By Jacob Katel
By Karli Evans
By Jose D. Duran
By Pablo Chacon Alvarez
By Kat Bein
By Abel Folgar
By Laurie Charles
It's been five full years since Time Magazine named Daddy Yankee to its list of the 100 most influential people on the planet. And using the mag's metaphor, the recording industry's registers were ringing like mad over reggaeton in 2006. "Yankee has sold 2 million copies of his album Barrio Fino in the U.S.," Time pointed out. "He has a $20 million record contract with Interscope and a lucrative endorsement deal with Pepsi."
In 2011, though, Yankee is struggling to stay atop the Billboard charts, just like the Spanish-language rap genre he helped spawn. He's getting sued in Miami for $820,000 over an Argentine minitour gone bad. He's working his way through the Latin American beauty pageant circuit, making appearances at the Miss Colombia 2011 and Miss Universe Puerto Rico 2012 competitions. He's even doing tiny club shows like this Saturday's gig at 90 Degree.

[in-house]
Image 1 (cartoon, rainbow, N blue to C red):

But Daddy's definitely got a game plan. A lot like Miami's own Pitbull, he has abandoned last decade's roughneck reggaeton (especially thugged-out, sexed-up stuff like "Gasolina") in favor of pop-ified pseudorap sung (mostly) in Spanish. Just take "Lovumba," the syrupy sweet lead single off his upcoming album Prestige. It isn't better than his old stuff. But it's definitely more commercial. In fact, "Lovumba" is so inoffensive that every abuela in the barrio has probably purchased it off iTunes by now. And they're all workin' their bum bums to that less-than-Dem-Bow beat.
You can almost hear those registers ringing like mad again.